Profiles

Viva Politica!

Montreal-based Cinema Politica celebrates a decade of programming politically and socially significant documentaries

Founders Ezra Winton and Svetla Turnin at Cinema Politica’s five-year anniversary party on the roof at Concordia University in Montreal, 2008 / Courtesy Cinema Politica

TAKING A GOOD, LONG LOOK at the situation facing documentary filmmakers and their audiences, the view couldn’t seem grimmer. The writing, as they say, is on the wall—and it’s in fluorescent paint: audience numbers are down. Funding is harder than ever to attain. And, that ever-pervasive bit of nagging conventional wisdom: young people are politically apathetic and not interested in engaging with the issues.

It’s extremely rare to find a success story along the lines of Cinema Politica (CP), the documentary film series that began at Montreal’s Concordia University and shreds, chews up and spits out any and all manner of conventional wisdom. Despite all of the rather dire news and naysaying, CP has proven every one of these tenets wrong: not only are there line-ups to take part in their politically-invigorating screenings and question-and-answer (Q&A) discussions, the series has gone viral, inspiring over 90 chapters on campuses throughout the world. Under the motto “Screening truth to power,” CP has set out to change the world, one film at a time.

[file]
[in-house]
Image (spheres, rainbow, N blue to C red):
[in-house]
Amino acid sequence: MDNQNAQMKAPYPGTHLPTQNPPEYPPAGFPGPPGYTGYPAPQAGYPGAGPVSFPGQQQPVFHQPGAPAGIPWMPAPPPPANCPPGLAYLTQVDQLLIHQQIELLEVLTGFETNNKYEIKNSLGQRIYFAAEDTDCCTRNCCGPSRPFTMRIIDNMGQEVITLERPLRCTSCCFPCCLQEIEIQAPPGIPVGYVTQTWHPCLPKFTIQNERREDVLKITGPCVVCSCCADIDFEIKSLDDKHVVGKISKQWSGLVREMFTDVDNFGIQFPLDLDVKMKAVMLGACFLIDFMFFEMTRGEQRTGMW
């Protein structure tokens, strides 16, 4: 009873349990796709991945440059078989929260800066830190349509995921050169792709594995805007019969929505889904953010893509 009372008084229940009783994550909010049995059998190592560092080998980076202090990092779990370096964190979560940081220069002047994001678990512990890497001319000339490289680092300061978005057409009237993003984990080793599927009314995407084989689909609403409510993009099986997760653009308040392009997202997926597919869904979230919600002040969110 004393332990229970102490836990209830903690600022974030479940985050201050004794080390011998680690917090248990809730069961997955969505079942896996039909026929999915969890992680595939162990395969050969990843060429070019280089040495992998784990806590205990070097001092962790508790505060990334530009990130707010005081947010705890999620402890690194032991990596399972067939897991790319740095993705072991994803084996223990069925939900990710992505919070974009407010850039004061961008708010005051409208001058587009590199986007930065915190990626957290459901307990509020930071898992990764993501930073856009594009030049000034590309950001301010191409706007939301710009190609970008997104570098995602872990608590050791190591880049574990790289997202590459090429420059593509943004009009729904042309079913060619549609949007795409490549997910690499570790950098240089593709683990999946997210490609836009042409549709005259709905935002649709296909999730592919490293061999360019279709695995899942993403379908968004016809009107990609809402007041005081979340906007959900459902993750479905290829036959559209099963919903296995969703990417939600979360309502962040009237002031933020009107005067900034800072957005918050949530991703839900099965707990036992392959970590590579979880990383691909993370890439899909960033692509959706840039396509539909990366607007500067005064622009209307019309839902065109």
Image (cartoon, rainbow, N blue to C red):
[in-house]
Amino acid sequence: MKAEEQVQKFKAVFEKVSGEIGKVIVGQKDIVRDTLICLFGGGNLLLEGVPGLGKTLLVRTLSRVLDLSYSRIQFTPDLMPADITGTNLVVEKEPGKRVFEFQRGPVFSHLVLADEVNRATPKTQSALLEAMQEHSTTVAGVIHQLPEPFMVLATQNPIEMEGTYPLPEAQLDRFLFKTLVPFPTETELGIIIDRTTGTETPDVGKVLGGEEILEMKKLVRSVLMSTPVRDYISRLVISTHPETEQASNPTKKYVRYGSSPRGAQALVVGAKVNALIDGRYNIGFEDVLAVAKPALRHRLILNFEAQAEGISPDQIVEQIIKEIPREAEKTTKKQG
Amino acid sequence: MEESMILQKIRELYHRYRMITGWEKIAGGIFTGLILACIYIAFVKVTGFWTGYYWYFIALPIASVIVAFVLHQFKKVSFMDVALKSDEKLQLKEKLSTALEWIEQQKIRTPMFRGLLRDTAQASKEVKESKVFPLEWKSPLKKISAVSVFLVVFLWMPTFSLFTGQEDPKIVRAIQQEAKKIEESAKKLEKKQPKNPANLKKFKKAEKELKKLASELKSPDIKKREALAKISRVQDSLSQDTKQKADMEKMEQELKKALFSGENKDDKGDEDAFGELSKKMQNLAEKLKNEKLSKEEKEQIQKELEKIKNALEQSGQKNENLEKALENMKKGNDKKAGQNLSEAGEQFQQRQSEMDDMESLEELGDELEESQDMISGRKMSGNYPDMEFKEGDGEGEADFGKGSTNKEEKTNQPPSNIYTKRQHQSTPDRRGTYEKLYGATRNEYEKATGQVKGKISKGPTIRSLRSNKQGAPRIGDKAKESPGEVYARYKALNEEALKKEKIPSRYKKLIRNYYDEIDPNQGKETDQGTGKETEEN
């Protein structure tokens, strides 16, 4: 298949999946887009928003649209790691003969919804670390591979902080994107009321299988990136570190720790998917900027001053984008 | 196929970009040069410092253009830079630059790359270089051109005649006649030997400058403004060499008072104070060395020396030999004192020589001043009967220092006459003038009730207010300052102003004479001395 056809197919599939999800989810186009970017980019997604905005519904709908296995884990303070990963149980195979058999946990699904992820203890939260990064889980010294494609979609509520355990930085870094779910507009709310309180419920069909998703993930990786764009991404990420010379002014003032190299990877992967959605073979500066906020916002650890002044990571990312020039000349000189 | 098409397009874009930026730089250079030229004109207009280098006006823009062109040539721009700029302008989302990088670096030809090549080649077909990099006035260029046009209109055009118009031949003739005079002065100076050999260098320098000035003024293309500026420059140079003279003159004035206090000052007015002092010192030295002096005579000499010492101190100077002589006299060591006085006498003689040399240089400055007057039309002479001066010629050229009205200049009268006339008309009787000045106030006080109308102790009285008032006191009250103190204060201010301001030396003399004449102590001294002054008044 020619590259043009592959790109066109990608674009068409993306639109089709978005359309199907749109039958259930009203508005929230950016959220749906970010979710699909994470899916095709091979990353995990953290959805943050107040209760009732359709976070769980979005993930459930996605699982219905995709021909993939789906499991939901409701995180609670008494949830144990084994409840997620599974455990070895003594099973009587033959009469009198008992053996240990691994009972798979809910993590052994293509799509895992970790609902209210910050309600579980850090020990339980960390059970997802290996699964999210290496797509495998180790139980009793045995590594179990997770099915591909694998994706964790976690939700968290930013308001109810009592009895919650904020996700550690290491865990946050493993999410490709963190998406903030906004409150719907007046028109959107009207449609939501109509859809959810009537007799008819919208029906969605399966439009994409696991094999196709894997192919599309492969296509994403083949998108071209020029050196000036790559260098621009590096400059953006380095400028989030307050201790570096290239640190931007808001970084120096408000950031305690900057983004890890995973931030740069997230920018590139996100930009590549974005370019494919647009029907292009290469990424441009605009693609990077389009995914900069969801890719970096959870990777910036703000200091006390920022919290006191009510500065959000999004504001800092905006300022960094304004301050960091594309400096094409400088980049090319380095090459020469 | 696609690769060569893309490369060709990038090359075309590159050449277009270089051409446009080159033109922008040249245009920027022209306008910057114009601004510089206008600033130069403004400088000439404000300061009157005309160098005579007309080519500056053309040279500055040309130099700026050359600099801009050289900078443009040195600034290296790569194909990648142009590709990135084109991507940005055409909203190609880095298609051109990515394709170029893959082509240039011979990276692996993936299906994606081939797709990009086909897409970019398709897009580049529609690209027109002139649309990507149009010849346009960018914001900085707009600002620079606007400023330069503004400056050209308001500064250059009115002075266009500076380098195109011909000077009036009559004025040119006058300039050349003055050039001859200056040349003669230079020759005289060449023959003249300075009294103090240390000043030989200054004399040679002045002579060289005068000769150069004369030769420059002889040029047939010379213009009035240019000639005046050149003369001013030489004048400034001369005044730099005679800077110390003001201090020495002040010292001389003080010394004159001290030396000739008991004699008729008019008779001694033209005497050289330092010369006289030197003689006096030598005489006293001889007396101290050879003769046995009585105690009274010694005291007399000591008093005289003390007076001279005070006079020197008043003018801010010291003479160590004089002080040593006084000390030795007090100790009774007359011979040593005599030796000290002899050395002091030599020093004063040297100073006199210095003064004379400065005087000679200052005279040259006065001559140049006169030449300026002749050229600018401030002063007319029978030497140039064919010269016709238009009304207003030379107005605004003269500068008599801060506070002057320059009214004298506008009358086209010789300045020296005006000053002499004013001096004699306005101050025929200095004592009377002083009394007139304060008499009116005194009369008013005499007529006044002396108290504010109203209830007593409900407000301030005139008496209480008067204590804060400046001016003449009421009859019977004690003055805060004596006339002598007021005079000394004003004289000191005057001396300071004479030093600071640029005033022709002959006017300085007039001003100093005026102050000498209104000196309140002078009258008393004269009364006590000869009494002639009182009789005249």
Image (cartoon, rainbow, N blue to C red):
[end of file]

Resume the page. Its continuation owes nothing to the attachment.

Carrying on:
CP co-founders Svetla Turnin and Ezra Winton say their beginnings were modest. Eleven years ago, Concordia University’s campus was shaken and stirred by a proposed visit from Benjamin Netanyahu. The right-wing Israeli politician was booked to speak at the university’s downtown campus when all hell broke loose: activists denounced the appearance of Netanyahu, who they argued was directly connected to war crimes against Palestinians. Activists’ response grew more violent as the politician’s September 9 appearance grew nearer; the police were called in, and clashes began. Windows were smashed. Spectators were spat on. Netanyahu’s talk ended up being relocated to a smaller, off-campus venue. The incident led to a lot of soul-searching at Concordia and inspired two very different documentary reflections, Discordia (Ben Addelman and Samir Mallal) and Confrontation at Concordia (Martin Himmel).

Turnin and Winton say this incident led them to recognize how desperately members of the university community wanted to engage in thoughtful, analytical discussions about global politics and social issues. “Concordia was a very politicized campus at that time,” says Winton. “I could see that if we screened films that really connected audiences with issues, we would draw a crowd.”